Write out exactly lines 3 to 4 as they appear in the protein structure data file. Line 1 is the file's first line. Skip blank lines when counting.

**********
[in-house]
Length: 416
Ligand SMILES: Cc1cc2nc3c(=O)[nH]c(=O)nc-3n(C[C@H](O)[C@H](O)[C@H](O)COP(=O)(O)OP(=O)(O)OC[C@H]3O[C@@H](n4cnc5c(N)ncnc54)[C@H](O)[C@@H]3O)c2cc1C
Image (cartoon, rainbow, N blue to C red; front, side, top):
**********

Ligand SMILES: Cc1cc2nc3c(=O)[nH]c(=O)nc-3n(C[C@H](O)[C@H](O)[C@H](O)COP(=O)(O)OP(=O)(O)OC[C@H]3O[C@@H](n4cnc5c(N)ncnc54)[C@H](O)[C@@H]3O)c2cc1C
Image (cartoon, rainbow, N blue to C red; front, side, top):